FREQUENTLY ASKED QUESTIONS
What is the recommended age group for the Karma Kids?
Numerous studies have shown that the process of reading to a child before he or she can read independently encourages accelerated learning as the child develops. Therefore we highly recommend you read the Karma Kids books to your children from the age of 3 onward. We have done our own trials using these books, and young children were universally fascinated by the vibrant colors. Many parents and carers have remarked that their children have remained focused while being shown these books. In addition, the bond created in being read to is very important in the child's overall development.
What is the purpose of the stories?
The main purpose of each story is to address a specific value, virtue, or social skill (such as courage, sharing, honesty, etc.), and show why it is good. Readers are also presented with the opposite of the good value (fear, greed, dishonesty, etc.) and the consequences that may arise if they follow any of these negative ways. Finally, the characters' relationships and Daily Acts of Kindness (DAKS) create a context in each story of compassion, kindness, and caring for others. We feel that by filling children's minds with examples of good ways to handle difficult circumstances we will encourage children to do the right thing more often. The stories also act as a means of interaction with your child that encourages not only learning but also a deeper bond.
Who is A. Little Bird that tells these stories?
The Little Bird is a sparrow. They are a common bird, and I am a common man and like them. Sparrows can be found all over the earth. I can be found in London. (Though on that point, due to global warming sparrows are nearly wiped out in London. For more information, please see our "What We Do With Your Help" Section sub section "How To Be A Karma Kid – Helping Aniamals). As a child when—on very, very rare occasions!—I had done something naughty and my Nan had caught me, I would ask "How did you know, I did that, Nan?" "A little bird told me," she would say. So in honor of my Nan, who was a great lady, I write under the name of A Little Bird. The Little Bird appears on the first and last page of each story to show that he has witnessed and told us the story. When you see him at any other time in the story, it is because the Karma Kid is either doing a good thing or trying to stop someone from doing a bad thing. You can use this as a parenting aid, to highlight the value (e.g., sharing) and its merits, or to explain why stopping the bad action is important.
"Why always a happy ending? Life isn't like that."
We want to encourage resolving issues through communication, mutual understanding, acceptance, and of course forgiveness. And why not? These books are for children, let's leave the cynicism for the adult world!
Why the Learning Circle and Today's Lesson?
In each village, the Learning Circle represents a place of coming together and learning for the community. I have used poetic license to give each Circle characteristics of the location that the story is set in, using Inca pyramids for Ella, opal stones for Narwee, Stonehenge-like blocks for Simoon, etc. Today's Lesson is intended to clearly explain the value of the story and to cement to value in the reader's mind. Numerous studies prove the necessity of having a review session with a learning period, set at the end of a lesson. This allows the mind to lock information in effectively. We recommend reading the stories regularly to your child for similar reasons.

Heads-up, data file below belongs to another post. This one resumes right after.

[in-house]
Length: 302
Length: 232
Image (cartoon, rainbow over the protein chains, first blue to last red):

Do The Karma Kids ever age?
Simply... no. Throughout the coming series, the Karma Kids and the other characters remain the same age.
Why does Metta the elephant have a broken tusk?
Metta and the other animals all have some type of injury inflicted on them by a human. Metta was injured when a hunter tried to steal her tusk, Ziggy the bear in escaping from a trap, etc. Each book contains a removable insert for parents that will highlight the present-day plight of the animal in the story. Take as an example Satya, the tigress in Pacha's story. There were over 250,000 tigers at the turn of last century, now a mere 3,500 remain in the wild, due to habitat encroachment and poaching. We feel that by highlighting the plight of these defenceless animals and supporting organizations that aid them, we can reverse these disturbing trends.
Do the stories always follow the same formula?
Yes; we follow a formula because it has been proven children (of all ages!) learn better this way. You will notice that in the beginning the Karma Kid is always doing something selfless, such as making a gift for a friend. We call this a Premeditated Act of Kindness, and you will see a section on the website that gives examples of how your children can do something of this nature in their world. You will also notice that the animal will always impart the wisdom value to the Karma Kid early in the book, usually through an easy-to-digest story. I call this apromoral, a tale within a tale to allow the child to predigest the moral of the story!
The middle of each story, when the Karma Kids return to their village or friends, shows the opposite of the value of the story and the negative consequences that can arise by following this choice. In the final part, the Karma Kid or the village Elders save the day, and then the Elders will gather the children into the Learning Circle, where the experiences of the day are clearly explained in Today's Lesson. The Chief Elder (who is female in half of the stories and male in the other half) will reinforce the message that the quality presented in the story is to be valued, and that its opposite is not. We encourage children to do good for the sake of doing the right thing, as we truly believe "it's nice to be nice!"
Iy you have more question about what we do, please feel free to write to us at email@example.com we will do our best to reply to you, thanks!